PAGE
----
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Probabilistic Plan Recognition. Kathryn Blackmond Laskey Department of Systems Engineering and Operations Research George Mason University Dagstuhl Seminar April 2011.

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probabilistic plan recognition

Probabilistic Plan Recognition

Kathryn Blackmond Laskey

Department of Systems Engineering and Operations Research

George Mason University

Dagstuhl Seminar April 2011

slide2

The problem of plan recognition is to take as input a sequence of actions performed by an actor and to infer the goal pursued by the actor and also to organize the action sequence in terms of a plan structure

Schmidt, Sridharan and Goodson, 1978

…the problem of plan recognition is largely a problem of inference under conditions of uncertainty.

Charniak and Goldman, 1993

ppr in a nutshell
PPR in a Nutshell

Thomas Bayes(1702-1762)

  • Represent
    • set of possible plans
    • anticipated evidence for each plan
  • Specify
    • prior probabilities for plans
    • likelihood for evidence given plans
  • Infer plans using Bayes Rule

…or just directly specify P(plan|obs)

Bayes, Thomas. An essay towards solving a problem in the doctrine of chances. Philosophical Transactions of the Royal Society of London, 53:370- 418, 1763.

why probability
Why Probability?
  • Theoretically well-founded representation for relative plausibility of competing explanations
  • Unified approach to inference and learning
  • Combine engineered and learned knowledge
  • Many general-purpose exact and approximate algorithms with strong theoretical justification and practical success
  • Good results on many interesting problems
  • But…
    • Inference and learning (exact and approximate) are NP hard
    • Balancing tractability and expressiveness is a major research and engineering challenge
representing plans and observations
Representing Plans and Observations
  • Plan recognition requires a computational representation of possible plans and observable evidence
    • Goals
    • Actions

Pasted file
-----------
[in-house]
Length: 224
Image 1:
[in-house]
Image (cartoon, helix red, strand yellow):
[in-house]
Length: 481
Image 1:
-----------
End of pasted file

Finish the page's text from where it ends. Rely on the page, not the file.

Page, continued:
• When executed in combination, actions are expected (with high probability) to achieve the goal
    • Preconditions / postconditions of actions
    • Constraints
      • Most notably, temporal ordering
    • Observables
      • Actions may or may not be directly observable
      • Sometimes we observe effects of actions
    • Hierarchical decomposition of the above
  • For probabilistic plan recognition, we need to assign probabilities to these elements
    • Balance expressivity against tractability of inference & learning
some representations for ppr
Some Representations for PPR
  • Bayesian networks
  • Hidden Markov Models / Dynamic Bayesian Networks
  • Plan Recognition Bayesian Networks / Probabilistic Relational Models / Multi-Entity Bayesian Networks
  • Bayesian Abductive Logic Programs
  • Stochastic Grammars
  • Conditional Random Fields
  • Markov Logic Networks

Each of these formalisms can be thought of as a way of representing a set of “possible worlds” and defining a probability measure on an algebra of subsets

graphical probability models
Graphical Probability Models
  • Factorize joint distribution into factors involving only a few variables each
    • Graph represents conditional independence assumptions
    • Local distributions specify probability information for small groups of related variables
    • Factors are combined into joint distribution
  • Drastically simplifies specification,inference and learning
  • 20 possible goals, 100 possible actions
    • Fully general model  2.5x1031 probabilities
    • “Naïve Bayes model”  19x20x100=38,000 probabilities
    • If each goal has only 10 associated actions then “naïve Bayes model”  19x10 = 190 probabilities
    • Naïve Bayes inference scales as #variables x #states/variable

Naïve Bayes Model

bayesian network bn
Bayesian Network (BN)
  • Directed graph represents dependencies
  • Joint distribution factors as
  • Factored representation makes specification, inference and learning tractable for interesting classes of problems
  • Directed graph naturally represents causality
    • Effects of intervention via “do” operator
    • Explaining away

Pr(R,E,I,W,T,B,S) = Pr(R)Pr(E)Pr(I|R)Pr(W|R)Pr(T|E,I)Pr(B|W)Pr(S|W)

127 probabilities  14 probabilities

possible and probable worlds
Possible and Probable Worlds
  • “Traditional or deductive logic admits only three attitudes to any proposition: definite proof, disproof, or blank ignorance.” (Jeffreys)